Creating ripples in public space with large-scale art
Let's say, just for the sake of argument, that you go strolling up the Avenue one fine day and find the Texas State Capitol completely covered in yellow fabric. I mean, completely covered, from the cornerstone up to the Goddess of Liberty's star, every square inch of pink granite House chamber, Senate chamber, dome, all of it obscured by a million square feet of polypropylene fabric the shade of a yellow rose (and tied down with 50,000 feet of cobalt blue rope). Three weeks our capitol looks like this, and then it doesn't. The statehouse-sized Christmas present is unwrapped, the wrapping taken away, and the building looks like it has every time the Lege has come to town since the thing was built.
What, you might be asking yourself, was the point of that? Why wrap a building in the first place? And if you're going to go to all that trouble of covering it up, expend all those resources, why uncover it after less than a month? Why go so far out of your way to create something so monumental and yet so ephemeral? Is there a point?
Valid questions all, and there may be no better time to find some answers in our town than now. More attention is being paid here to large-scale, temporary public art and let's get it out of the way straight off, this kind of work is art than any time in the last 25 years. From upstart nonprofits, such as Austin Green Art, to academic programs like Land Arts of the American West in UT's Department of Art & Art History, from under-the-radar shows by younger artists, such as Heather Johnson's "Cracks in the Pavement," to major exhibitions at the Austin Museum of Art, the city is full of artists thinking about, talking about, and making art that's big, that's transforming our public spaces, and that's here today, gone tomorrow. In fact, this week, AMOA is bringing to town Christo and Jeanne-Claude, if not the grandpére and grandmére of monumental, ephemeral public art, then surely its most recognized and vocal proponents in the world today. They should be pleased to know that the work they've been engaged in for 45 years running is active here, creating "gentle disturbances," to borrow Christo's phrase, across the face of our community.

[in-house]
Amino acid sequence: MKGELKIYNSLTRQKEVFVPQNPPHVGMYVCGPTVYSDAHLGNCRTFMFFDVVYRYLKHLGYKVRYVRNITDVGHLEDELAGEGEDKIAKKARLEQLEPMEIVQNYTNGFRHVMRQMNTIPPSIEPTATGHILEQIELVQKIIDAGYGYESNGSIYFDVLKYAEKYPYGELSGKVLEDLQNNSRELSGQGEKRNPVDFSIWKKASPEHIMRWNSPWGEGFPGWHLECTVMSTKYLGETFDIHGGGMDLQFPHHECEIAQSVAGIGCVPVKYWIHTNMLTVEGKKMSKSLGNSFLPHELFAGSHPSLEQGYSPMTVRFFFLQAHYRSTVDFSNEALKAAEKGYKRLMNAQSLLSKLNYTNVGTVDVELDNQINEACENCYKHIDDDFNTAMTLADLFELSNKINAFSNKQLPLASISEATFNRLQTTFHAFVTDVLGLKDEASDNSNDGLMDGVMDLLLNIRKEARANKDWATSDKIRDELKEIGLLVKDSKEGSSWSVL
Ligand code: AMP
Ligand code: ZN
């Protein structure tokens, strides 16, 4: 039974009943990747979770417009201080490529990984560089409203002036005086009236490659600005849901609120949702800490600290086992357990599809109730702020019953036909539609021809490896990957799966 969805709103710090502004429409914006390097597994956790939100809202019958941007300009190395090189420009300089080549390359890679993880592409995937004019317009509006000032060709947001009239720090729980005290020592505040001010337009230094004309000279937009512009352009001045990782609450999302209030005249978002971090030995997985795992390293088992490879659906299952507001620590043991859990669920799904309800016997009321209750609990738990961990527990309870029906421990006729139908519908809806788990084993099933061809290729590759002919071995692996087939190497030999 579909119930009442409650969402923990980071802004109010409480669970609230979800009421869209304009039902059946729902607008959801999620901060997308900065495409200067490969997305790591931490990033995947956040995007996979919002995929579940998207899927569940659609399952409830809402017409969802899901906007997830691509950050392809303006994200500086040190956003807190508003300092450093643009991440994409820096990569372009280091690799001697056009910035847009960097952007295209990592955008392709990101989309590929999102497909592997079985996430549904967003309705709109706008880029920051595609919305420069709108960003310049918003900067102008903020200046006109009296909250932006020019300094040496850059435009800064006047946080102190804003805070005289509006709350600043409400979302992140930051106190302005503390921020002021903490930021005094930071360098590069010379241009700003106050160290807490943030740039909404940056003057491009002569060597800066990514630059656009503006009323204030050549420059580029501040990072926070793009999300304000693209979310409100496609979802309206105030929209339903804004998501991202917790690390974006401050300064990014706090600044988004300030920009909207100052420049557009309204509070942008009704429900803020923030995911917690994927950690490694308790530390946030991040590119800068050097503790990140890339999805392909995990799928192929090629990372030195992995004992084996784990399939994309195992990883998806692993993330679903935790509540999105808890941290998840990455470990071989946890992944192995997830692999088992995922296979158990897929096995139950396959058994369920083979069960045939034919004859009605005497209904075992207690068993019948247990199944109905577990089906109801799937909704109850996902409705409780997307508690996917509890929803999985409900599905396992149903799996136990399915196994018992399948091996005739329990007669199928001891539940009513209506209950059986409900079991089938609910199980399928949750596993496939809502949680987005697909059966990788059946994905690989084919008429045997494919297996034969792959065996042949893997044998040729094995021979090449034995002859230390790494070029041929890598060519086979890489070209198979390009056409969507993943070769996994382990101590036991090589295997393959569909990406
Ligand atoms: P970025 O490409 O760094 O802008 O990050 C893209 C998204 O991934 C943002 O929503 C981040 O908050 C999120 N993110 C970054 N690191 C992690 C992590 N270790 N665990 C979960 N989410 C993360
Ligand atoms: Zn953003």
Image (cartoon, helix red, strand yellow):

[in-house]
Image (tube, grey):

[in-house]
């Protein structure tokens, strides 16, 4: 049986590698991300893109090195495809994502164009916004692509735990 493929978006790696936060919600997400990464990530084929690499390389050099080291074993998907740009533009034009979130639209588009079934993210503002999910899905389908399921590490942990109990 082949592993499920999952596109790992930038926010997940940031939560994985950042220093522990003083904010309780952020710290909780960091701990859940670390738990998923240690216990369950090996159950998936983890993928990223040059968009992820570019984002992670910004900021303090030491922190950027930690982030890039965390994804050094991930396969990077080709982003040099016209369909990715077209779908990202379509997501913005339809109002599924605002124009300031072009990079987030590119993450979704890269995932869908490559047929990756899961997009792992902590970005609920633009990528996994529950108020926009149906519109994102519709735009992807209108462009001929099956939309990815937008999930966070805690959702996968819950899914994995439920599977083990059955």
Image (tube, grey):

That word "community" is key to getting a grasp on the kind of art that Christo and Jeanne-Claude have pioneered and which is generating so much activity today. It's not about the wall of the gallery or museum, about some enclosed, private corner of a city visited by the merest fraction of the populace. It's designed precisely for the territory traversed by you and me and the other citizens around us, the terrain where we meet and interact and do business with one another and relax from such business. It's where we commune, our common ground, and as such is some place an artist's work not only may be seen by a greater number and variety of people than in a museum but may tap whatever civic identity we have invested in that spot. Think Barton Springs Pool. Think the Congress Avenue Bridge. Think Mount Bonnell.
Such sites are fertile ground for art. The meaning they have for us, cultivated by history and the consensus of a citizenry that for whatever reasons they matter, seem to make almost any creative expression at them all the richer and more resonant. In Dee McCandless' swimmers' ballet Waterworks, Sally Jacques' meditative performance Body Count, and Glenna Goodacre's statue of Dobie, Bedichek, and Webb, the power of the art was heightened expressly by its being at Barton Springs. All these pieces drew on the power of the place in our public life and wouldn't have worked on us in quite the way they have in a more traditional artistic setting.
Of course, precisely because so much of our communal identity is bound up in such spaces, we tend to be very protective of them. As Christo has noted, they are "full of regulations, ownerships, jurisdictions, meanings" and tend to be carefully overseen by politicians and urban planners. We may be willing to have a work of art added permanently to a public site, but we don't want it to mess with what we find important about that place. Most of the time, that means a prolonged review process with ample time for scrutiny of the proposed artwork and input from citizens. And that, opines Austin artist Hunter Cross, "can easily lead to conservative thinking because of the number of checkboxes that must be filled. Works may never gain approval because of their complexity, their reliance on the artist's personal history, or their aesthetic uniqueness. Indeed, familiarity is funding's best friend.